Stanford Jazz Workshop 2019
Hard to believe it’s been 35 years since I first attended the Stanford Jazz Workshop as a camper in 1984. I’ve returned there to teach, learn and play and live & breathe jazz most summers since then. This year was particularly inspiring. In my musicianship classes, I basked in the glow of some amazing young musicians, many with perfect pitch and boundless energy, who always managed to play back whatever chromatic craziness I played at them… Watch out world! My combo met in the courtyard this year, which allows us to truly enjoy Northern California’s loveliness as we swung and learned.
In addition to a full teaching schedule, I got to perform in 3 concerts during my 6-day trip. The first was a poignant and heartfelt celebration of the music of bassist/composer John Shiflett, who passed far too soon about 2 years ago. Saxophonist Kris Strom and guitarist Scott Sorkin arranged Shifflett’s music for groups from 5-10 instruments, and we joyously remembered and celebrated our mutual friend from the stage in Campbell Recital Hall, where I saw John play so many times over the years.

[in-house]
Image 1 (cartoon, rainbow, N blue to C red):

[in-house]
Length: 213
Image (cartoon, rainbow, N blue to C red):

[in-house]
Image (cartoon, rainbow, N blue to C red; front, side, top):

Bassist Ruth Davies has led “Blues Night” at Stanford Jazz Festival for almost a decade. It’d been a few years since I’d been there to join her for one; in past years the late Ndugu Chancler, she, I along with guitarist Danny Carron, were the house band for artists including: Robin Ford, Henry Butler, Keb Mo’ and others. This year found us reunited behind Grammy-Nominated Blues artist Ruthie Foster. (Thanks to keyboardist John Burr for sharing the keyboard chair with me!) Ruthie flows effortlessly between soulful blues and gospel singing, groovy guitar playing and inspired songwriting. It made for a super-fun evening of groovy blues and beyond.
On the final Friday I got to swing with saxophonist/composer Lynn Speakman’s band. Lynn is an amazing alto player from Pittsburgh, who I met at SJW, and also hug with during her NYC years. We swung through some swinging hard bop, and got to play the Cannonball Adderley classic Azule Serape (written by Victor Feldman) with Cannonball’s long-time drummer Roy McCurdy. Roy is 82 years young, and swings with a feel and passion of a guy half his age. He was always one of my favorite drummers (and Billy Hart cites him as his primary influence); I’d always wanted to swing with Roy, and I’m glad we got to do it this summer.